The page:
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Choosing your style: the crossroad

post #1 of 20
Thread Starter 
Hey guys,

Choosing your style is a conscious decision, even though you are unconsciously influenced by tons and tons of factors.

So, here I am today, at some kind of crossroads in my sartorial life. I am 20 and studying law in Québec City. Even though this is totally off topic, I would have to say that law students at Université Laval just don't know how to dress. Mostly cheap jeans with equally cheap t-shirts or, if they want to flash, a Lacoste polo. And if they have to wear a suit, it will be an ill-fitting, too long black suit which no cuff showing, and they will perhaps wear white Nikes with it just to look cool. It is quite ugly.

Now, getting back on topic, I am pretty divided. On one hand, I really like streetwear, such as the things posted on this subforums and am generally regarded as a guy who'll go to any party. I could describe that as just sporting better jeans, better t-shirts and such than the other students, without flashing too much. On the other hand, I also like to dress in a classier fashion than the average student; I will oftentimes wear a wool v-neck or crewneck with a shirt underneath, which isn't a popular style at all with guys of my age. I would sometime like to push even further, perhaps by wearing khakis, a french cuffed shirt and a classy v-neck, but it could potentially backlash on my social life in some ways.

What I hate about dressing up is that the way you dress will inevitably have an impact on how people perceive you. I don't dress to be perceived in such a way, I dress how I do because I like the aesthetic of it. However, when I am wearing v-necks, shirt and jeans (nothing fancy at all mind you!), I am perceived as some kind of brainiacs and people only come to me in search of explanations for some law-related stuff. While I am doing fairly well in school, though I am don't have a jaw-dropping GPA, I don't like making this kind of impression as people perceive me as a snob. In fact, a lot of person who now talk to me said they didn't to previously, as they thought that I was a snob. When I wear some streetwear, I rather obviously don't come across such problems.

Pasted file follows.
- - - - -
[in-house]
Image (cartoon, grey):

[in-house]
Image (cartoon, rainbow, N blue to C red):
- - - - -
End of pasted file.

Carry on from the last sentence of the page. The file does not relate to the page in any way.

Now, this is pretty ridiculous, I know, but the problem is even deeper. I could live with people's perception if I knew what I wanted at all. I am at some point in my life where I don't know if I should cool off on the partying a bit and concentrate more on studying and learning about a lot of things. Basically, I don't know if its the time to get serious yet. I know that you guys can't help me on this one though, it is very personal, but it is ultimately what will affect my dressing the most.

So, I would like to know how you guys made the transition from where you were standing to the sartorialists that you now strive to be. I think the thing that can help someone the most deciding what's the best for him is the experiences of others, so I'd like if you'd share yours. And perhaps that a thread describing your choice will help you rediscover your inner sartorialist, as we are at a time of the year where it becomes a bit less important in our lives!

Keep on styling guys, meanwhile I'll continue my inner search.
post #2 of 20
When I was in law school (just graduated a few months ago), I would wear different styles on different days. Some days I would show up in a hoodie and cargo pants, other days I would show up in jeans and a polo, other days jeans and a dress shirt, other days slacks and a dress shirt, and sometimes I would even wear a suit to school. When people would ask me why I'm dressed in a particular way I would tell them that it's because "that's how I roll." I don't think you have to pick one style and pin yourself to it - especially when different styles reflect different levels of casualness. Just be yourself, dress how you want to dress and the rest will work itself out. As people come to know you better they will determine whether you are a snob or not regardless of how you dress.
post #3 of 20
I agree with OE. I don't think this is an either/or situation.
Regardless of how you dress, people will form an opinion.
I would think in time, this perception of "mr snob know it all" might actually be welcomed..consider its alternative.
Don't try and define your aesthetic to one thing or another that is supposedly "you"

From my experience, my aesthetic changed as I got older and my life / career situations changed.
post #4 of 20
Quote:
Originally Posted by designprofessor
I agree with OE. I don't think this is an either/or situation.
Regardless of how you dress, people will form an opinion.
I would think in time, this perception of "mr snob know it all" might actually be welcomed..consider its alternative.
Don't try and define your aesthetic to one thing or another that is supposedly "you"

From my experience, my aesthetic changed as I got older and my life / career situations changed.

+1
post #5 of 20
Thread Starter 
I agree that diversity is the key, especially as my own personality isn't black or white. It is, however, a bit hard to keep a cohesive and complete wardrobe while going back and forth between two styles when you have the financial means of a student. What I can spend on clothing isn't even close to what I'd want to spend. This is made even more obvious by the fact that my interest for clothes is very recent: I haven't had time/money to build a solid wardrobe just yet.